Apparel & Accessories

Tested: Northwave Razer MTB shoes's tech editor Zack Vestal tested Northwave's Razer MTB shoe. Does the shoe fit?

• $250
• Carbon fiber sole
Weight: Size 44 (tested) 450 grams per shoe

Northwave’s Razer mountain bike shoes are the flagship off-road kicks from this Italian company. As you’d expect, they’re suitably flashy for the brand that once sponsored the likes of Paola Pezzo.

These days, it’s Gunn-Rita Dahle-Flecha and Jose Antonio Hermida flying the colorful Northwave flag. In any case, the 2010 Razer shoes have plenty of performance to back up their star-studded lineage and outsized image. After almost a full summer of riding and racing, I’d say they’re very fine mountain bike shoes. They’re comfortable and durable, but they’d be even better if they lost a little weight.

Attention to Detail

As you’d expect for a racing shoe, Northwave starts with a carbon fiber sole. The tread lugs are made from natural rubber, which gives them exceptional grip on all surfaces. There are threaded inserts at the toes for spikes.

Northwave Razer
Northwave's Razer's lugs offer great grip. Photo by Zack Vestal

For 2010, the Razer sole has been given a much lower profile compared to years past. Northwave says it allows for a lower overall weight due to less material used and also results in an easier, more intuitive pedal interface. The rubber in the sole now has two separate densities. One is a softer durometer for sure grip on all surfaces, while the other is a firmer rubber that gives excellent support and greater durability.

This outer sole is supported by carbon layer that gives the shoe its overall stiffness, but at the same time is thinner than ones used in the past giving it a closer foot-to-pedal stack height. The all-new upper uses more supple materials and ample ventilation through Northwave’s Aerator System. According to Northwave, there are no overlapping materials and the mesh is placed in key areas for maximum foot comfort.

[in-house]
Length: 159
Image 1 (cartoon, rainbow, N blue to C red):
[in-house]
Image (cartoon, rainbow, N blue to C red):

There is also the new Omega heel cup that gives the Razer superior heel stability and allows for cooling via rear air vents. Northwave continues to use its ASR2 instep closing system including the S.B.S. buckle. There’s a button on the buckle to release it in one-ratchet increments for fine tuning tension, or it can be released completely with another button.

Happy Feet

I had zero complaints with the Razer shoes in almost every regard. They’re very comfortable and very supportive. The fit was perfect for me, with a relatively wide toe box and snug heel counter.  The soles were plenty stiff and didn’t cause any hot spots on long rides. Ventilation is fine, but I wouldn’t say it’s quite as amazing as Northwave’s claims might lead you to believe.  The tread on the soles is amazing — very grippy and comfortable for walking. However, the tread under the heel is rounded at the edges, which diminished stability.

The ratchet buckle didn’t give me any trouble, but it’s not the smoothest in the world to operate. Personally I think the one-ratchet release is not necessary and makes the mechanism more complicated.

But if you appreciate that feature, you’ll love the buckle on the Razers. In a perfect world, the Northwave Razers would be lighter. In size 44, my testers weighed 450 grams per shoe. That compares to 350 grams per shoe for Mavic Fury shoes, which I have tested and are admittedly much less supportive and sturdy for heavy duty trail rides. But weight matters and these guys feel hefty.

At the end of the day, I’d prefer the Razers for high-end trail riding and epic racing. I don’t think they’re light enough for serious cross-country use, but they’re sturdy and comfortable to go the distance.